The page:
Over at the American Library Association they have their YALSA lists of Best Books for Young Adults broken down by long lists and top ten lists going back to 1996.  The Hunger Games was on their Top 10 Best Books for 2009, picked from 86 books from the longer list.  The Hunger Games was the only book I recognized, so maybe I have a treasure trove of great books to mine.  I didn’t recognize any of the 2010 top 10, and only one each from the 2007 and 2008 lists.  (I did read that one 2007 book, The Book Thief by Markus Zusak, and it was impressive.)

YA lit is a vast area of literature that I’m mostly unfamiliar.  I need to change that and go exploring.  It will give me something to do in my old age, and maybe even help rejuvenate my old mind.  Maybe YA books are appealing to us OA (Old Adults) because we’re weary of this old world and crave a younger one.

JWH – 9/1/10

5 thoughts on “The Hunger Games Trilogy by Suzanne Collins”

  1. I agree. The “modernist” movement (stream of consciousness, present-tense writing, lack of plot) died with World War I. It’s too bad that many writers still haven’t got the memo.

    I wrote a YA novel (the first in a series of three) so I could tell a real story. It turns out that adults love it as much as the teens and college students do.

    Please visit my blog and leave a comment. Thanks!

  2. My favorite reading (listening) experience of recent memory was Neal Stephenson’s Anathem and even _that_ reads (listens) like a YA novel.

    Something weird is afoot, I’ll agree.

    I find myself adding a lot of “popular” YA stuff to my reading list but never end up reading them. And The Hunger Games series was on my radar but I was waiting for the 3rd book to come out before proceeding. I believe your post has pushed it into my “on deck” circle.

  3. Frankly, regardless of the reason or reasons, I am happy to see YA fiction being consumed and enjoyed by adults. I never stopped reading YA fiction, neither has my wife. All of our young adult and adult lives we’ve been fans of this classification of books. I imagine there are any number of reasons why people find YA books engaging in their adult lives. In fact, I imagine that there are many reasons why I myself like them. A well written YA novel certainly speaks to me more deeply, on the whole, than many of the adult novels that I’ve read. Perhaps part of that is because in many respects I have retained some of my ‘childish’ behavior. I still read all the time, I play video games, I like to stay up late, I read comics and can easily digress into a juvenile sense of humor. But that isn’t what I get out of good YA novels. Often it is what falls under a general heading of ‘coming of age’. It is the transition. It is that bittersweet pain of ‘growing up’, of having to leave some things behind, of having some of the illusions of magic shatter with the ‘wisdom’ that comes from a greater understanding of the world that really touches me in many of the YA stories I like. That is part of it anyway.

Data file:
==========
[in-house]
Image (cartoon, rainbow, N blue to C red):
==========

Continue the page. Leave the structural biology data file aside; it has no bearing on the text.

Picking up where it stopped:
Additionally I have always held the belief that it takes a special talent to write a book that would appeal to both a child and an adult, that a story that does both is something very special and extremely well crafted.

    Lastly, before I ramble on too much, I am glad to hear you say that you weren’t wowed by the premise of the Collins books. I’ve felt the same way but, like you, have several people whose opinions I trust recommend them.

  4. I love this YA trend — when they books are DECENT, of course, which they mostly aren’t (like all things). The Hunder Games is a decent trilogy, but it’s hardly deserving of a Hugo nomination. Really, sit down and read it very, very thoroughly. It’s riddled with pretty ordinary writing and nonsensical worldbuilding. It’s an exciting book, but it’s not Hugo award worthy — not even close. The series is a great YA , but it’s not a great SF; I know I wouldn’t rate it. That would probably explain why it hasn’t been much considered by SF fans